A strange phenomenon is occurring Down Under. Grocery products are shrinking and yet prices continue to rise. But is this a helpful move to aid smaller families or simply back door profiteering? And why is no one being told? just-food.com’s David Robertson asks if there any justification for such an imbalance?
Consumers in Australia could be forgiven for worrying that they were getting greedy because they were eating and drinking more than in the past. But any relief in finding out that this is not due to greediness but shrinking portions has been outweighed by a sense of outrage that they are being ripped off.
A slew of “investigative” television and print journalism has highlighted a strange phenomenon: disguised by packaging and advertising, the size of many goods has shrunk.
Could it be magic?
According to the Australian press, a pack of Cadbury’s white chocolate has reduced in size from 250g to 240g. Golden Circle peas reduced from 440g to 420g. Fosters beer from 375ml to 345ml and many varieties of bread from 680g to 650g. Tinned vegetables, cleaning products, baby food, baked beans, biscuits, wine, soft drinks and potato chips have also all shrunk.
And before the supermarkets and food manufacturers had a chance to spin their way out of trouble, the Australian Bureau of Statistics offered its own research. In 1997, an average box of tea bags weighed 250g and cost A$2.11 (US$1.08) but by 1999 the price had risen to A$3.47 and the weight fallen to 180g. In 1995 meanwhile, the average roll of toilet paper contained 280 sheets but by 1997 the roll had shrunk to 270 sheets.
Opening consumers’ eyes
Few people have noticed, however, and when they are told of the shrinkage their outrage is hardly surprising, particularly as food prices rocketed by more than 10% in the last year alone. Rising prices and shrinking volume is hardly a recipe for good customer relations but food manufacturers have been working hard to present their changes as positively (or discreetly) as possible.
New technology is enabling fancier containers for all types of foodstuffs and this has helped hide the changes. But not from Australian Competition and Consumer Commission (ACCC) chairman Allan Fels, who issued a stern warning to food manufacturers: “The question is about silence and disguising the moves by clever packaging.
“In principle it is covered by misleading and deceptive conduct, and the courts ask what is the impression in the minds of the ordinary person – not the marketing expert – but the person buying the product.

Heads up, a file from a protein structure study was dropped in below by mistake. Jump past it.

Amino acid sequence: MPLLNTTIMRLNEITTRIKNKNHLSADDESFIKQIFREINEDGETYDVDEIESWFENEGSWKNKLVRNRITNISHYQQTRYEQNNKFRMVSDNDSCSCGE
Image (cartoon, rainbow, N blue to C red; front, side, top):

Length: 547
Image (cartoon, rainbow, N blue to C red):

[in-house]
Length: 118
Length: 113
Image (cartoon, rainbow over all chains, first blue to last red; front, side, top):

“So if they do get the wrong impression then it is misleading and deceptive. [Companies] should certainly start having a much closer look at the Trade Practices Act. Consumers can be very easily confused.”
Defending the decrease
But the food industry is beginning to fight back claiming that the changes are in response to demographics more than the cynical profit boosting exercise that consumer groups claim.
Lina Melero, public affairs director of the Australian Food and Grocery Council, told just-food.com: “Firstly, the point should be made that simply charting changes in a product’s weight/volume alone over a certain period of time is a one-dimensional comparison that fails to take into account other variables such as the use of improved ingredients or improved manufacturing processes.
“Further, from time to time, manufactures may change the size of their products in response to a range of external pressures. This includes consumer demand. The size of the average Australian family has decreased considerably during the past 20 years from 3.1 persons in the 1980s to 2.6 persons in 1999. By 2021 the average number of persons per household is expected to decrease to between 2.2 and 2.3 persons. Lone person households are projected to grow by between 1.7% and 3.1% per year between 1996 and 2021 to comprise between a quarter and a third of all household types (the fastest growing household sub-group).”
The food manufacturers also argue that other factors including international standardisation and safety require them to make changes. “Manufacturers may change the size of their product in order to ensure harmony with global markets,” adds Melero. “Obviously, having a consistent product size eliminates the cost associated with producing different size products for different markets.
“Incidences of tampering in the Australian market have also required manufacturers to spend more money on guaranteeing the safety of their products to Australian consumers. To absorb this increased packaging cost, product sizes may be decreased.”
Trick or treat?
But while the food industry can argue until it is blue in the face that shrinkage is justified, the massive scale of it in Australia, combined with considerable price rises, makes it hard for anybody other than paid believers to accept the explanations at face value.
Would these explanations placate a shopper who was shown the difference from last year to this year? Not a chance. And more worryingly for the industry, despite a warning from the competition watchdog, nothing is being done to break the news gently to consumers.
According to the Food and Grocery Council, supermarkets and producers are not educating people on the changes taking place. This could be seen as underhand and can only lend justification to the consumer lobby’s argument that this is backdoor profiteering. Unless the food industry wants to incur more bad publicity and the wrath of Allan Fels it should consider being more open about its changes.
By David Robertson, just-food.com correspondent
To view related research reports, please follow the links below:-
The Market for Packaged Food in Australia